Hold the atropine injector firmly in place for at least 10 seconds. The seconds can be estimated by counting "one thousand one, one thousand two," and so forth.
Firm pressure automatically triggers the coiled mechanism.
This plunges the needle through the clothing into the muscle and at the same time injects the atropine antidote into the muscle tissue.
Next, inject yourself in the same manner with the 2 PAM Cl injector using the same procedure as you did for the atropine.
This will now complete one set of nerve agent antidotes.
Attach the used injectors to your clothing (fig. 13-33).
After administering the first set of injections, wait 5 to 10 minutes before administering the second set since it takes that long for the antidote to take effect.
However, if you are able to walk and know who you are, you will not need a second set of antidote injections.
Giving yourself a second set of injections may create a nerve agent antidote overdose, which could result in incapacitation.
If symptoms of nerve agent poisoning are not relieved after administering one set of nerve agent antidote injections, seek someone else to check your symptoms.
A buddy must administer the second and possibly a third set of injections, if needed.
After administering one set of injections, you should decontaminate your skin if necessary, and put on any remaining protective clothing.
Figure 13-33. - One set of used auto injectors attached to a pocket flap.
BUDDY AID. - If you encounter a service member suffering from severe signs of nerve agent poisoning, provide the following aid:
1. Mask the casualty, if necessary. Do not fasten the hood.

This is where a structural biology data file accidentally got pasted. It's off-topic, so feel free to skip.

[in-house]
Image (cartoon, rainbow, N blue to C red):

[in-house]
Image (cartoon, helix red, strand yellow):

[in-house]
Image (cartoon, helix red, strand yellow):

2. Administer, in rapid succession, three sets of the nerve agent antidotes. Follow the procedures for administration as described previously in the self-aid section.
In addition to administering atropine and 2 PAM CI antidotes for nerve agents as buddy aid, also administer the CANA to a casualty suffering from convulsions. DO NOT administer more than one CANA.
Use the casualty's own antidote auto injectors when providing aid. Do not use your injectors on a casualty. If you do, you may not have anyt antidote available when needed for self-aid.
BLISTER AGENTS Blister agents or vesicants are likely to be used to produce casualties and force opposition to wear full protective equipment.
Blister agents are used to degrade fighting efficiency rather than kill, alhotugh exposure to such agnets can be fatal.
More likely they will cause severe blistering and burning of the exposed skin. In either liquid or vapor form, these agents will irritate and blister any part of the body that they touch.
blister agents can be effective in small amounts; a drop the size of a pinhead may produce a blister the size of a quarter.
These agents are more effective in hot weather than in cold weather.
They first affect the moist parts of the body (bends of arms and knees, armpits, and crotch.) People who are sweating are especially subject to severe burns.
If you are exposed to blister agents, changes may not occur immediately. One to several hours may pass before your skin starts to turn red.
It may be hours or even days later before blisters appear.
However, the damage is inflicted during the first few minutes of exposure.
That is why speed in applying self-aid is so important. Self aid is explained later in this chapter.Continue Reading